Guan Liao bowed and went to find the imperial consort who was hungrily eyeing a rather hot boy ghost about whom she had had a serious thing for quite some time. In fact, she had sent the fox fairies deliberately to distract her husband so that she could roger this hunk of diaphanous man meat without being interrupted. She was not, however, expecting Guan Liao to enter, though he did so with due and proper ceremony. The empress listened to him slightly impatiently and then with more interest once he had explained the situation.
“I can’t allow such ignoble treatment of women to go unpunished. Without any chastisement, men will continue to behave badly and women will continue to suffer. Let me think about it, Master Guan.”
Guan Liao bowed and withdrew. The ghost, who had been thinking that sex with the Jade Empress should be a pleasure beyond anything he had known as a mortal, soon found that it was punishment beyond anything his misdeeds – by and large, rather minor – might have warranted as she pounded him mercilessly.
While the Jade Empress enjoyed the pleasure of the afternoon, she thought about her various servants, but could think of none who might be fit for the task which she intended to entrust to some suitably qualified minion. She thought about asking a female demon to undertake the job, but she disliked demons and their habits. With no one in the Heavenly Palace and no one outside it, the Jade Empress tried to think of other places beyond the mortal realm. She felt that she was overlooking someone obvious.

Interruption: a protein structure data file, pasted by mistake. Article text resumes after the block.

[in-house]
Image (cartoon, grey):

“The moon!” she cried.
The ghost was startled and wondered whether this was some divine expression of sexual pleasure; and so, because he could not restrain himself any longer, he started repeating the Empress’s words. Thinking that this was a sign, she leapt up, straightened her clothes, and flew to the moon in the form of a phoenix, which was fortunate because she had not put her knickers on.
Chang E had thought that life as an immortal would be an endless round of socialising with other immortals. She would go to their palaces; they would come to hers. But there were very few invitations addressed to her and even fewer responses to the ones she sent out. Those replies which she did get revealed that immortals had an endless supply of dead relatives whose funeral obsequies demanded, with regret, their utmost attention.
Thus Chang E only had her maids, strange, grey-coloured creatures, to keep her company, and her rabbit, Tu Niang (兔娘), whom she affectionately called Bunny-chan. The rabbit had always been a playful creature on Earth with malevolent, deep red eyes and a penchant for mysterious nocturnal adventures. But since they had come to the moon, Bunny-chan’s eyes had dulled and she had become sleepy and lethargic. None of Chang E’s maids much liked the rabbit and it, in turn, showed no fondness for such dusty, grey creatures.